Walking on the beach was easier than I had anticipated. Luckily, when the tide's out, there's plenty of firm sand near the surf where you can walk at a regular, easy pace, something that isn't possible in dune walking (in comparison, dune walking is a complete nightmare). I'd made good time on the beach on the previous day, but as day 4 broke, my feet were still in a bad way.
Despite this, I resolved to head north some 27.5km to Eli Creek, the point I'd decided would be the furthest north I'd reach on the beach. Walking was pure agony, and after 14.5km I was still plodding along, thoroughly enjoying the scenery and the environment, but concerned that I was going to do some permanent damage to my feet by pushing on too far. Every stop made them hurt more, but not stopping did more damage, so what to do? And that's when I heard a voice from a bunch of flatbed trucks parked on the beach shouting, 'Hey mate! Fancy a beer?' God moves in mysterious ways, and that day he came down to earth as a group of fishermen.
Fraser Island is full of fishermen, all going for the big catch by surf casting off the beach. I was pleased to note that their idea of surf casting was much the same as mine had been back in Whatipu, except my introduction had been via vodka and coke, and theirs was via XXXX. That stubby was probably the most enjoyable drink I've ever quaffed, and as they forced another can1 on me, the conversation flowed between me and the ten-or-so full-on Aussie blokes like there was no tomorrow, which was quite a possibility given the way the two beers went straight to my head. Not surprisingly, when they offered me a lift to Eli Creek, I jumped at the bait like a suicidal whiting, and twenty minutes later my walking was over for the day. As I left the fishermen behind, them chugging into another round of stubbies before heading north for ten days' fishing, they called after me, 'When you write an article about us, tell 'em we love Poms, but don't tell 'em about Fraser Island. We want it all to ourselves, eh!' As another convoy of 4WDs ploughed past us, I couldn't help feeling that for Fraser Island, it was perhaps already too late.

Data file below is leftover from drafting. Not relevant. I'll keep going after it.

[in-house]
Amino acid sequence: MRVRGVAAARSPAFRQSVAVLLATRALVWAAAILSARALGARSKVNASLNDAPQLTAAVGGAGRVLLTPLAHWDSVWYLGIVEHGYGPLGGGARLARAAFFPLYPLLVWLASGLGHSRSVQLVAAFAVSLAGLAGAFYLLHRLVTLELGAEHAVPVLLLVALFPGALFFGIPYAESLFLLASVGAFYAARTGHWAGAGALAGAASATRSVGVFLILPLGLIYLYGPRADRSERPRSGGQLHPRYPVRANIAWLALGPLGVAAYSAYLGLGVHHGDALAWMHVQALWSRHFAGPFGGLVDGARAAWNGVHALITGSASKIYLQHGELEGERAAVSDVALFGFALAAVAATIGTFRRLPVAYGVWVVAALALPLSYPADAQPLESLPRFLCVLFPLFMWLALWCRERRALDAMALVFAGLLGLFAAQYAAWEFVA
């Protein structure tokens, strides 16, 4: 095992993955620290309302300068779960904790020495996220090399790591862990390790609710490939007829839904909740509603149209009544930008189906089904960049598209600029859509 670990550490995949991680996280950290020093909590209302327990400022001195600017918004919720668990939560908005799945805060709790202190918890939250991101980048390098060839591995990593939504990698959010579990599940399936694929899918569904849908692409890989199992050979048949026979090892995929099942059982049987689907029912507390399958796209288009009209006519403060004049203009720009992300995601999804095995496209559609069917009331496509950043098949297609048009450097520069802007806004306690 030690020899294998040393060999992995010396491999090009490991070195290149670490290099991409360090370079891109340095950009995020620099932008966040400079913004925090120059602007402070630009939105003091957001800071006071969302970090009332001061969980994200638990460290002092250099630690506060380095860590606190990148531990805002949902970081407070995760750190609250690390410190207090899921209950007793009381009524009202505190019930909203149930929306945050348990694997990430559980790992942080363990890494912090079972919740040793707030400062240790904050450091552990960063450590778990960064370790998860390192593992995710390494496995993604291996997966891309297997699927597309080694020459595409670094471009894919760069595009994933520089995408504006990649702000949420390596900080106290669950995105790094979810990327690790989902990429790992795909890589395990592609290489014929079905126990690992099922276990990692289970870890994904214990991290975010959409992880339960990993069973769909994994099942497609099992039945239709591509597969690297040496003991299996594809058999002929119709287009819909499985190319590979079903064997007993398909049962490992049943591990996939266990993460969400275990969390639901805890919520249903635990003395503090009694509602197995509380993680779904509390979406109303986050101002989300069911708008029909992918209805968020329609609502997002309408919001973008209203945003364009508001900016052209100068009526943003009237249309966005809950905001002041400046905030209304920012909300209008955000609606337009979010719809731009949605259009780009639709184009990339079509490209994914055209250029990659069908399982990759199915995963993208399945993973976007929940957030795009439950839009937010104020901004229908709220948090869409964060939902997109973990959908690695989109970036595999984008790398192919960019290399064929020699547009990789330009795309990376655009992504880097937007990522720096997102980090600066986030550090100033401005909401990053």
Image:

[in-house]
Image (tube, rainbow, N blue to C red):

Eli Creek, the biggest freshwater creek on the east coast of Fraser, is just amazing. Every hour of every day it pours over four million litres of water into the sea, and the water's been so filtered by sand that it's about as pure as any mineral water you'll find in a bottle. Jumping into the creek and coasting down it to the beach is a pretty fine way to round off a day of beach slogging, and camping just down from the creek proved another delightful experience.
1 Only in Australia could this happen. Castlemaine, brewers of XXXX, the main beer in Queensland, have just come up with the next marketing coup in beer consumerism. Aware that Australians plough through cans of beer like a steroid-fuelled bull in a Wedgwood store, they've come up with the ultimate drink-delivery system, the wide-mouthed can. Research obviously showed that conventional can technology didn't allow beer to be poured down the throat as quickly as desired, so XXXX cans now come with a double-sized hole in the top, so a can can be downed in half the time it used to take. Sceptical, I tried my first wide-mouthed can on Seventy-Five Mile Beach, and it worked; surely the fact that the beer disappeared quicker than ever before had nothing to do with the fact that I'd just walked 14.5km down a burning beach. It's another great Aussie invention, and I'm sure it will soon be everywhere.